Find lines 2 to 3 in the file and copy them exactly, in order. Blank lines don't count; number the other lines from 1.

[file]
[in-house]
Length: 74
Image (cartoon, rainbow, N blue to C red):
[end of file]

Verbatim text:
Length: 74
Image (cartoon, rainbow, N blue to C red):